I remem, uh, rem, uh, recall myself

This is my choice for memory allocation centralization.

#include "HelloMe.h" struct node { void *Allocated; struct node *next; }; typedef struct node node; /* Allocate an address as a primary node and place as first element. Next element is NULL or "nil" as printf calls it for pointer. Allocate an address with a length. Allocate an address as a secondary node and place as next element. Place Allocated address in list. Next element is NULL or "nil" as printf calls it for pointer. Return allocated memory address. When program exits: Free Allocated addresses. */ int initializeMemory(sourceStructure *SourceStructure){ SourceStructure->memoryList = malloc(sizeof(struct node)); SourceStructure->memoryElement=0; SourceStructure->memoryElements=1; SourceStructure->memoryElementP=SourceStructure->memoryList; SourceStructure->memoryList->next=NULL; SourceStructure->memoryList->Allocated=SourceStructure->memoryList; return 0; } int allocateMemory(sourceStructure *SourceStructure){ SourceStructure->memoryElement++; SourceStructure->memoryElements++; SourceStructure->newMemory=malloc(sizeof(struct node)); SourceStructure->memoryElementP->next=SourceStructure->newMemory; SourceStructure->newMemory=malloc(SourceStructure->memoryRequest); SourceStructure->memoryElementP=SourceStructure->memoryElementP->next; SourceStructure->memoryElementP->next=NULL; SourceStructure->memoryElementP->Allocated=SourceStructure->newMemory; return 0; } int freeMemory(sourceStructure *SourceStructure){ int i; SourceStructure->memoryElementP=SourceStructure->memoryList; SourceStructure->memoryElementP=SourceStructure->memoryElementP->next; for(i=1;i<SourceStructure->memoryElements;i++) { free(SourceStructure->memoryElementP->Allocated); SourceStructure->memoryElementP->Allocated=NULL; SourceStructure->memoryElementP=SourceStructure->memoryElementP->next; } return 0; } int freeList(sourceStructure *SourceStructure){ int i; node *memoryElementPl2; SourceStructure->memoryElementP=SourceStructure->memoryList; for(i=1;i<SourceStructure->memoryElements;i++) { memoryElementPl2=SourceStructure->memoryElementP->next; free(SourceStructure->memoryElementP->next); SourceStructure->memoryElementP=memoryElementPl2; } free(SourceStructure->memoryList); return 0; } int showMemory(sourceStructure *SourceStructure){ int i; SourceStructure->memoryElementP=SourceStructure->memoryList; for(i=0;i<SourceStructure->memoryElements;i++) { if(SourceStructure->memoryElementP==NULL){break;} printf("Allocated address %d = %p Next is %p\n",i, SourceStructure->memoryElementP->Allocated, (void *)SourceStructure->memoryElementP->next); SourceStructure->memoryElementP=SourceStructure->memoryElementP->next; } return 0; }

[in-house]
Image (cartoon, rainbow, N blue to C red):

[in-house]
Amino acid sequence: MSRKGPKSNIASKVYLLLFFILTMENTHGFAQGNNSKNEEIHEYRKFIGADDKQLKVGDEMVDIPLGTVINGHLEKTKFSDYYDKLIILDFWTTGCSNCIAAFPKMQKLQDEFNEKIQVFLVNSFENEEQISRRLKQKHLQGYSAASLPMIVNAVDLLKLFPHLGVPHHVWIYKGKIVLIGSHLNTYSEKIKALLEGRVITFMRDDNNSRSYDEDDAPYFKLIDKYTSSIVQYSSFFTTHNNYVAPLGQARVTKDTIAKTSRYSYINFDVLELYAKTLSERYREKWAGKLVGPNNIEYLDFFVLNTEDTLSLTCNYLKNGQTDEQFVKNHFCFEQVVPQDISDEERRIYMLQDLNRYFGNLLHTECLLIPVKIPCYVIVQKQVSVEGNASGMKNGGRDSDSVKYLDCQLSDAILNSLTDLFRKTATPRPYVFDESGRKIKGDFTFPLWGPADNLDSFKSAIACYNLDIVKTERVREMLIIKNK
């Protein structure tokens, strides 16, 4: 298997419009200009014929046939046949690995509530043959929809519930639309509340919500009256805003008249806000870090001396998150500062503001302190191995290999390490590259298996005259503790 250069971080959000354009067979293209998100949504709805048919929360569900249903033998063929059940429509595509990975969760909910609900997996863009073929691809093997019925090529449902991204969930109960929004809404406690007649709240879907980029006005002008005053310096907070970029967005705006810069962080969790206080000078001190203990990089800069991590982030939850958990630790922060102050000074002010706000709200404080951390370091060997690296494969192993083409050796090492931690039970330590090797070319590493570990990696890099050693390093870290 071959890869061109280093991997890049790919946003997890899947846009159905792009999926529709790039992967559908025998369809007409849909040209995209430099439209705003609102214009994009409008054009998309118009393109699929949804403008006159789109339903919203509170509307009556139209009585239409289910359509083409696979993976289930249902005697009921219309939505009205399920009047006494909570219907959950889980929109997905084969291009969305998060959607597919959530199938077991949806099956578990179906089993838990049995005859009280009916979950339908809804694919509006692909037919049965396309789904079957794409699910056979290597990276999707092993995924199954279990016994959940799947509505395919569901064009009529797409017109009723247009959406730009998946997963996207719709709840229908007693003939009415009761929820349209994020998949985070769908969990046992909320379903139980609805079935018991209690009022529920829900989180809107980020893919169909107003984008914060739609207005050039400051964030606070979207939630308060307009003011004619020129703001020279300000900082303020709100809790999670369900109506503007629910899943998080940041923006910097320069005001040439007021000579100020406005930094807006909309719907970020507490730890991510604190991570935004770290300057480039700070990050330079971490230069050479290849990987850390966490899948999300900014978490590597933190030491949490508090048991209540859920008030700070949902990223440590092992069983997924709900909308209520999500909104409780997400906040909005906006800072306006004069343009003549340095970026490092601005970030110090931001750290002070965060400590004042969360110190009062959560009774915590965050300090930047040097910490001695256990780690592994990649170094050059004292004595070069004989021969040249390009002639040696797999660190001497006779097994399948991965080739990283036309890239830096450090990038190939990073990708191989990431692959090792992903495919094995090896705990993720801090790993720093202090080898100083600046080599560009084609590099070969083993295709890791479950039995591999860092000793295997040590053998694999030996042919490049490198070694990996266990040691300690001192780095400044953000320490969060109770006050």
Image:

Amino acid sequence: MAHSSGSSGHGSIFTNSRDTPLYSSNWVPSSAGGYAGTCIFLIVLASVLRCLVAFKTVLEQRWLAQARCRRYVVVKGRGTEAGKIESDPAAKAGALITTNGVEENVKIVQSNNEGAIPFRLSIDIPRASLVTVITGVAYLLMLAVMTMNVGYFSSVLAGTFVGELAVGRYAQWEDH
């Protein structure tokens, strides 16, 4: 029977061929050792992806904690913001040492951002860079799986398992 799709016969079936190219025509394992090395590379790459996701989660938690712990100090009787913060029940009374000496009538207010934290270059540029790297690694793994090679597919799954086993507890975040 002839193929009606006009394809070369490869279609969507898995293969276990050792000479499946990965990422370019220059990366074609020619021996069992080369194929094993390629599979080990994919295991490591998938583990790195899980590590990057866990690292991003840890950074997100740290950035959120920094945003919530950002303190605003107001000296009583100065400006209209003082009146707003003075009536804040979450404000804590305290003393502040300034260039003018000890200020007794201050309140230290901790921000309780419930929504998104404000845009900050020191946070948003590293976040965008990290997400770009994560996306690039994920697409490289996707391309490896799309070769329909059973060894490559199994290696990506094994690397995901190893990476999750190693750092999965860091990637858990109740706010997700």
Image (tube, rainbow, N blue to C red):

Roughly speaking. ADDED: the code which disposes of the memory for the linked list also. I put this code up before I do my usual testing. I was playing with gprof again and looking at an old post about profiling serial program killers. As time goes by, I have a better grasp of this stuff and I am calling bull shit on code I see on the internet quite regularly now. Most of it really is helpful but students must surpass their teachers eventually, unless we are going down hill, which is a possibility.. I was reading some explanation of code profiling and I looked at the article date, 1998, eeek , that is the stone age. Even 2007 is a bit dated when it comes to code analysis. I rarely trust SIMD,CISC, or MIMD computer articles dated before 1900.

This code was checked with `valgrind` and the results are below.

==11811== ERROR SUMMARY: 0 errors from 0 contexts (suppressed: 8 from 1) ==11811== malloc/free: in use at exit: 0 bytes in 0 blocks. ==11811== malloc/free: 4 allocs, 4 frees, 320 bytes allocated. ==11811== For counts of detected errors, rerun with: -v ==11811== All heap blocks were freed -- no leaks are possible.

I am integrating this within the code generator, so that it has one more parameter to utilize in qualifying code it generates. I eventually use all the profiling and checking methods on my code. So this way I get clean code from the start. This is not the cleanest code, but this is the code that makes the code and will eventually be recreated by the code generator at a higher quality and consistency level. And the command I ran was this:

valgrind --tool=memcheck --leak-check=yes --show-reachable=yes --num-callers=20 --track-fds=yes ./HelloMe


Automated Intelligence

Automated Intelligence
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